PSS

From the heart of Ground Zero

by Jonathan Everitt

Growing up in Syracuse, N.Y., Amy Dreher ’93 had an eye for things that are unjust and a desire to make things right.

In the 1980s, Syracuse was a struggling city and Dreher was drawn to the people and places experiencing profound crisis. These early encounters led to a career in the non-profit sector working at a string of agencies and organizations, from the Cornell Cooperative Extension in Ithaca, N.Y., to the New York City-based Gay Men’s Health Crisis (GMHC) and Lambda Legal.

Today, she works for the National September 11 Memorial & Museum. But her journey to Manhattan began many years earlier, with a community college professor who encouraged her to consider Hobart and William Smith Colleges.

“Her husband taught at HWS, so she suggested I go look at it, and the rest is history,” Dreher says.

After transferring to William Smith, Dreher combined her interest in art, culture and social justice in an individual major that encompassed studio art, art history and women’s studies. Degree in hand, Dreher first went to work in Ithaca and later New York City, where she now lives, to continue her career in the non-profit world. On September 11, 2001, she was working at Lambda Legal in downtown Manhattan.

“I was five or six blocks from the World Trade Center,” Dreher says. “I was late for work, but I was at the office that morning and walked out with the rest of the staff.”

Like millions of Americans, Dreher felt inspired to do something to help the country heal and rebuild. And in 2005, Dreher took a position with the 9/11 Memorial—the centerpiece of the rebuilding effort of the original 16-acre World Trade Center site.

“I was brought in to manage the direct mail campaign and the donor database,” Dreher says, “A few years into that work, people knew I always had my camera with me, so I started nudging to see if I could help document the construction. And that led me to a different sort of understanding of the project.”

From there, Dreher had the opportunity to serve as the 9/11 Memorial’s staff photographer during the construction of the Memorial Plaza and the first year the Memorial was open. Her images chronicle the transformation that took place behind construction barriers, and sometimes under cover of darkness.

“It was a fascinating thing to be in the middle of this place known for its great sorrow, watching it being rebuilt and meeting the people doing it,” she explains.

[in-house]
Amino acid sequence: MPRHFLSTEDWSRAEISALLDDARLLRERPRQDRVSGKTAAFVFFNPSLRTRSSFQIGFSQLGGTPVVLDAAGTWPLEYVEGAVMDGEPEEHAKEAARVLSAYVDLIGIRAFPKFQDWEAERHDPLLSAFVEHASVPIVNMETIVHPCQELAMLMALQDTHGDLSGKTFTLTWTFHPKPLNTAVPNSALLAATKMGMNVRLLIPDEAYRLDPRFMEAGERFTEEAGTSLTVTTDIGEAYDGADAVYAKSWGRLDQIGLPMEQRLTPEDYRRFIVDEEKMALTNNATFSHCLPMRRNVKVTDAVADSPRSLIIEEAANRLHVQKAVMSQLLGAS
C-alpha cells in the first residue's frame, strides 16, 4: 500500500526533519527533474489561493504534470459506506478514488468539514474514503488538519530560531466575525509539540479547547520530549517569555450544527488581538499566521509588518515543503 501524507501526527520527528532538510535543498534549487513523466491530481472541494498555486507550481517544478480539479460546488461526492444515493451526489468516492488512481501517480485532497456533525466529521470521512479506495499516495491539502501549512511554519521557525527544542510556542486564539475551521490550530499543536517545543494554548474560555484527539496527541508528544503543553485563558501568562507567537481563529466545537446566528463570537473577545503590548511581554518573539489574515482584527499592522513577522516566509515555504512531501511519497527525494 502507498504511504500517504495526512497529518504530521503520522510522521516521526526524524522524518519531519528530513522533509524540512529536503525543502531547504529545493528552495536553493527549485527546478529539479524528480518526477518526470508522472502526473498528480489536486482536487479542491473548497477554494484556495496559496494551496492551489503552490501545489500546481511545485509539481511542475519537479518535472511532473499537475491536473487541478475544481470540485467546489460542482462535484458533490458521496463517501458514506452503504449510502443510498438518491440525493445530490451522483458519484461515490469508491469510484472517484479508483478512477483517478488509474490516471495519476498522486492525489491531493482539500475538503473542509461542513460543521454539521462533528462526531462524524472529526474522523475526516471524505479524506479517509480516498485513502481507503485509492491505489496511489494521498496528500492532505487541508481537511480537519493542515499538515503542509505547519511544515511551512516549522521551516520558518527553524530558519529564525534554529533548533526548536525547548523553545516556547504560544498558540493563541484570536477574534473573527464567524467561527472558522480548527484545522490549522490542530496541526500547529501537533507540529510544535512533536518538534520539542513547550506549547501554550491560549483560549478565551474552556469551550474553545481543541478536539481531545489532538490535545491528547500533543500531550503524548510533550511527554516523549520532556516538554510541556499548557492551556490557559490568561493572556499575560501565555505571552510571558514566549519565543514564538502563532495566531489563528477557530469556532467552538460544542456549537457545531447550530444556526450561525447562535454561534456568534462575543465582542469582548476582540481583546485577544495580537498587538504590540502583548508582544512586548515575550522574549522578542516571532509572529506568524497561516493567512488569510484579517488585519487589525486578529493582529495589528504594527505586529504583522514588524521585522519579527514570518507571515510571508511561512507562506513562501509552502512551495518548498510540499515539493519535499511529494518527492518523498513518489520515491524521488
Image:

Dreher remembers the night that iron workers delivered and installed two surviving tridents from the base of one of the fallen towers.

“They brought in these huge pieces of steel, these tridents, and it was amazing to watch these iron workers placing them. Taking the pieces off of the flatbed and assembling them for the Museum,” Dreher says.

Equally emotional was a massive planting project that now rings the Memorial with mature trees.

“The first night of tree-planting was a bonding moment for many of us working at the Memorial,” Dreher recalls. “It happened at night, behind a blue fence that surrounded the site, so it didn’t look like anything was happening. But once people saw the plaza, they understood what had taken place.”

And her personal story is one that resonates with today’s HWS students, which is why she gladly offered to be part of the Colleges’ Career Services Non-Profit Day.

This spring, Dreher hosted a group of HWS students at the Memorial, where she shared her advice and answered questions. The students then laid flowers on the names of the three Hobart graduates who died in the September 11 attacks – Andrew Golkin ’93, Scott Rohner ’01 and Michael Simon ’83, P’11, P’13.

The students raised smart questions and Dreher responded with her own practical wisdom.

“They wanted to know what it’s like to work at an emotionally intense non-profit, and I’ve worked at a few of them,” she says. “We talked about the strain that can put on a person, and how you navigate moving forward. And we talked about how to find a way to do the things you want to do.”

Like, sometimes, you have to sneak out and be the photographer. And eventually, it pays off.

Dreher found that after years of capturing the remarkable images that came out of tragedy, she now has the fulfillment of documenting a living memorial where people can pay their respects.

“To see visitors come up and touch the parapets with the names, it’s incredibly powerful,” she says. “The families finally have a place they can visit.”

 

Preparing Students to Lead Lives of Consequence.